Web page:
Thompson then goes on to take Newswhip’s total article count for each publisher and use it to calculate the total shares per article on each platform. Upworthy‘s article count is just 225, so its shares per article is ridiculously high compared to every other source. Even TwentyTwoWords, which is in second place after Upworthy, has significantly more shares per article than other, bigger sites.
That’s a big red flag for me, indicating that something odd and statistically dubious might be going on. Looking at their Facebook pages gives you a sense of how many shares, likes and comments their articles are getting. Upworthy’s are highly variable, from 51 shares, 322 likes and 10 comments to 11,934 shares, 32,800 likes and 1,260 comments. TwentyTwoWords timeline posts vary from 2 shares, 17 likes and two comments to 75 shares, 66 likes, and 15 comments. So what we’re looking at, as one commenter on Thompson’s piece says, is a few runaway hits pulling up Upworthy and TwentyTwoWords’ figures.
Thompson gives us the mean recommendations (shares/likes/comments and tweets/retweets) per article, but to draw more robust conclusions we would need to know the median number of recommendations for each site. We also need to see the range, so that we can see how runaway hits are statistically skewing the distribution.
But still, given the meme-y nature of their content, it’s no surprise that Upworthy is popular. Pointing out that internet meme-based content is particularly popular with internet audiences isn’t an insight, it’s a tautology.
Thompson concludes his piece with a huge non-sequiteur, that “Facebook is huge. Much bigger than Twitter. […] Even the biggest sites on Twitter are much, much, much bigger on Facebook.”
Facebook likes, shares and comments are not equivalent to Twitter tweets and retweets. It’s not even clear to me that it’s meaningful to compare them, because of the different levels of engagement required to complete each action. An original posting to Facebook or Twitter is about equivalent in effort, because usually these days it’s just a matter of clicking a button on the original source post or copying/pasting an URL. Resharing that within Facebook is more akin to retweeting on Twitter, and neither liking nor commenting on Facebook has an equivalent on Twitter.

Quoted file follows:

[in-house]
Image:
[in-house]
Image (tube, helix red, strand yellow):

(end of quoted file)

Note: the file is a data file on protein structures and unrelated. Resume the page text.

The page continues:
In order to properly compare activity types on Facebook and Twitter, we need to compare similar behaviours, so we can compare originating posts, or sharing or retweeting, but have to cut out likes and commenting on Facebook. Newswhip’s numbers don’t allow us to do that.
What this data does tell us is, however, much more interesting than Thompson’s analysis might lead us to believe. Knowing what kind of content plays well on Facebook and Twitter gives us a fascinating insight into the tastes of their users. Facebook likes polarised, outrage-inducing or meme-y content, and is rather uninterested in sports. Twitter likes non-partisan news, tech news with a bit of polarised news, a few memes, and a lot less of the outrage. Twitter is also not massively keen on dedicated sports sites.
And if the shares per article data has any grounding in reality – which at this point I don’t have enough data to assess – then you can also see how well highly partisan, fringe content plays on both platforms in comparison to those sites’ sizes. Russia Today, Breitbart, Alternet and The Blaze are far from being balanced or neutral news outlets, but their bias allows them to punch above their weight compared to more moderate sources such as The Atlantic, CNN and the New York Times. That too is fascinating as it points to very vocal, politically partisan subcultures within both platforms.
If we wanted to, we could look at the demographic research for all these sites and get a much deeper insight into the psychographics of users than you can get from the usual Twitter/Facebook analyses. However, that takes a bit more effort than is required to chuck a few graphs up and draw superficial and suspect conclusions from fuzzy data.
Finally, what this data doesn’t and can’t tell us is whether Facebook is driving ten times more traffic to content sites than Twitter, given that content is being recommended ten times more often than on Twitter. Indeed, it’s well known that people are happy to re-share content without clicking on the links, and in my own experience, there are differences between how willing people on different platforms are to click on links and the dwell times and bounce rates for traffic from different platforms. On one project, oddly, LinkedIn provided the best traffic with dramatically longer dwell times and lower bounce rates.
Ultimately, it doesn’t matter if Upworthy has ten or a hundred times more shares on Facebook than Twitter if that doesn’t translate into traffic and revenue.